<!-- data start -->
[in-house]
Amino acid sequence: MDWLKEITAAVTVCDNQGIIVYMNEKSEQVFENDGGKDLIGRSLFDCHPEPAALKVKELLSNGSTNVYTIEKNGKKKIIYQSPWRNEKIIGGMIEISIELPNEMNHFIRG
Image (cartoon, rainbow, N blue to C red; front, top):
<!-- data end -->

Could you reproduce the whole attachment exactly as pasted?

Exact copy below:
[in-house]
Amino acid sequence: MDWLKEITAAVTVCDNQGIIVYMNEKSEQVFENDGGKDLIGRSLFDCHPEPAALKVKELLSNGSTNVYTIEKNGKKKIIYQSPWRNEKIIGGMIEISIELPNEMNHFIRG
Image (cartoon, rainbow, N blue to C red; front, top):